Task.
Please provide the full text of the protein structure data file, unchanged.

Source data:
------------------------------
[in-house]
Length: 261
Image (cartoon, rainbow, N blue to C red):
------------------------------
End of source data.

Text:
[in-house]
Length: 261
Image (cartoon, rainbow, N blue to C red):